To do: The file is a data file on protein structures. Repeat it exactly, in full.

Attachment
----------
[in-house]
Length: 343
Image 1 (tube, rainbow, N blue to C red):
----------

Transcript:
[in-house]
Length: 343
Image 1 (tube, rainbow, N blue to C red):